A number of years ago, a faction arose within the church which argued that it is sinful for women to teach the Bible to children in the class arrangement when the church comes together. This practice, they alleged, violates Paul’s instruction for women to “keep silence” in the churches (1 Cor. 14:34).
Some of our old debaters responded to this argument in this fashion. They contended that the Greek word sigao (“keep silence”) demanded absolute silence — not a sound. Since such a prohibition would be inconsistent with injunctions regarding regular meetings of the church, e.g., singing, they reasoned that 1 Corinthians 14:34 did not pertain to normal church meetings, hence, this context must not be applicable in our time. By such reasoning they felt they avoided a conflict with 1 Corinthians 14:34.
Some today are making this same argument — but with a different purpose. They want an expanded role for the woman in the assembly. But they, likewise, see 1 Corinthians 14:34 as an obstacle; hence, the context is again dismissed as irrelevant. The argument was unsound in the past (regardless of the respectable names associated with it) and it is equally erroneous today.
The entire case hinges upon the meaning of the Greek verb sigao. This word never did demand an absolute, unqualified silence. Rather, the nature of the silence is determined by the context.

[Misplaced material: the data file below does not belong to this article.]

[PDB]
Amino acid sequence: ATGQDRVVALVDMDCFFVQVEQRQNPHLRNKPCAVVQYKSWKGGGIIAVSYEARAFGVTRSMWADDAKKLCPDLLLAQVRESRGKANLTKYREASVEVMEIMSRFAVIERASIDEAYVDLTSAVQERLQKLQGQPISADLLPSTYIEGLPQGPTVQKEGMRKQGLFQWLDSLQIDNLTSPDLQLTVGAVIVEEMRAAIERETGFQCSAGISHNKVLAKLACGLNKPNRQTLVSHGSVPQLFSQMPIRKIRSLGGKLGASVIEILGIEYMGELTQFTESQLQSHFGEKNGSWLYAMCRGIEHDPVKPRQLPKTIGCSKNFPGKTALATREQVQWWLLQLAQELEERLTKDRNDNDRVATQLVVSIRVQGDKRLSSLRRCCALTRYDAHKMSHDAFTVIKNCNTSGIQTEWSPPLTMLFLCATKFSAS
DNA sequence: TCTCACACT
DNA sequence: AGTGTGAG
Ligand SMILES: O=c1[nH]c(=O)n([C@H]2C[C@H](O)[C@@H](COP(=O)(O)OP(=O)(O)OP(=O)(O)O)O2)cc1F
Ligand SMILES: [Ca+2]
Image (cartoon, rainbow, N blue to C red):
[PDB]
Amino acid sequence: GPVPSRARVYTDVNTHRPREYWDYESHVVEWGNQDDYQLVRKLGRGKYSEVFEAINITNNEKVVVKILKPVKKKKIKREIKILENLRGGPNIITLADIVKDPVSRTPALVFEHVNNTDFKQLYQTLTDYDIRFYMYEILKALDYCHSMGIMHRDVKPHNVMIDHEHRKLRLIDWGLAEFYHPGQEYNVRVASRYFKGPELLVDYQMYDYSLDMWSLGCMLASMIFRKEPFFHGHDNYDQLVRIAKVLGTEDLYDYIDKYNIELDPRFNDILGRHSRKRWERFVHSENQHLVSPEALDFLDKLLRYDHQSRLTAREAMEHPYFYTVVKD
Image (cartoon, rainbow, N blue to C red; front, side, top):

The verb sigao is found infrequently in the Bible — some 19 times in the Greek Old Testament, and less than a dozen times in the New Testament. A careful examination of the term reveals that the context identifies the nature of the “silence” under consideration.
For instance, when the Israelites, pursued by the Egyptians, arrived at the Red Sea, they were terrified; they complained of their plight to Moses. He told them that Jehovah would fight for them; they thus were to “hold [their] peace,” i.e., be silent (Ex. 14:14). That obviously did not mean that they were forbidden to speak at all; rather, they were to cease their faithless whimpering.
When David described certain hardships — as he “kept silence” (Psa. 32:3) — he was not speaking of general silence, but silence regarding his sin.
After the disciples witnessed the transfiguration scene, they “held their peace,” i.e., remained silent (Lk. 9:36). That does not mean they did not talk at all. Rather, they did not discuss with others what they had seen on the mountain.
Now to 1 Corinthians 14. The verb sigao is used three times in this chapter.
(1) One who has the gift of tongues is to keep silence if he has no interpreter to use with his alien audience (28).
(2) If a brother is speaking, and another receives a more current revelation, the former is to keep silence (30).
(3) Finally, women are to keep silence (34).
The first two prohibitions demand silence only in the matters being discussed. They do not forbid these men to otherwise speak consistent with their divine obligations.
This does not demand that a woman be absolutely silent at church. Rather, in harmony with what the apostle taught elsewhere (1 Tim. 2:12), the woman is not to speak or teach in any way that violates her gender role. She is not to occupy the position of a public teacher, in such a capacity as to stand before the church and function as the teacher (or co-teacher) of a group containing adult men. In assuming this official capacity, she has stepped beyond her authorized sphere, and she violates scripture.
Thus, mark “silence” in verse 34. Draw arrows back to verses 28, 30, and note: Silence not absolute, but qualified by context.